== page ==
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FDA hands Mor­phoSys and In­cyte a quick OK on their po­ten­tial block­buster CAR-T al­ter­na­tive

Nearly three years after okaying the CAR-Ts Yescarta and Kymriah, the FDA has approved a new CD19 therapy.

MorphoSys’ Monjuvi, or tafasitamab-cxix, was cleared Friday for use in refractory diffuse large B-cell lymphoma (DBLCL). The approval sets up both MorphoSys and their commercial partner Incyte to compete with Gilead and Novartis in the ultra-competitive indication, where similar trial results and far easier delivery could allow them to cut a fair share of the market.

Rich Heyman (ARCH)

Rich Hey­man joins PMV Phar­ma, a p53 biotech, as it adds $70 mil­lion in Se­ries D

Less than a year after pulling in an impressive $62 million Series C round, PMV Pharma is back at it again.

The Cranbury, NJ-based biotech announced Monday an additional $70 million in Series D financing as it seeks to develop cancer therapies targeting p53 mutations. Additionally, PMV also introduced longtime biotech entrepreneur Rich Heyman as chairman of the board of directors.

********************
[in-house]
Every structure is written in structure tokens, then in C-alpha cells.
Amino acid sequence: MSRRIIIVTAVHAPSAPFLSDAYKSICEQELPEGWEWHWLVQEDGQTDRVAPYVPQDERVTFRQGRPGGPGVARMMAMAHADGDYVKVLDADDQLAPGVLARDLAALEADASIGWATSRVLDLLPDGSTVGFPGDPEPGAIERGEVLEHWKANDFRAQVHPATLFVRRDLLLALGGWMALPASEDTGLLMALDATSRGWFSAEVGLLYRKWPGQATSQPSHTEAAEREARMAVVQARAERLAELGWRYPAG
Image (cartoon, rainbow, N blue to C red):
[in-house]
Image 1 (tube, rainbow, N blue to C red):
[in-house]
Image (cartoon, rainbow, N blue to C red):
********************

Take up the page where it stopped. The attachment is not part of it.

“This financing provides PMV Pharma with the resources to expand our pipeline and to potentially advance multiple p53 therapies into the clinic,” said PMV president and CEO David Mack in a statement.

Covid-19 roundup: Eli Lil­ly retro­fits RVs for first-of-its-kind an­ti­body tri­al with NIH; Am­gen, Ab­b­Vie, Take­da team on a drug

Eli Lilly and the NIH are about to start a first-of-its-kind trial that researchers and developers have talked about for months as a way of providing temporary immunity to the most at-risk populations.

Lilly announced this morning that it will start a 2,400-person trial with the National Institute for Allergy and Infectious Diseases to test whether its experimental Covid-19 neutralizing antibody can prevent people in nursing homes and assisted living facilities from developing the disease. The idea, known as passive immunity, is that rather than waiting on a vaccine to induce people to develop antibodies, doctors can give them lab-grown antibodies. Ideally, those antibodies will either attack the new SARS-CoV-2 infection, if the patient has recently been exposed, or persist in the blood for several weeks and prevent infection or disease for that period.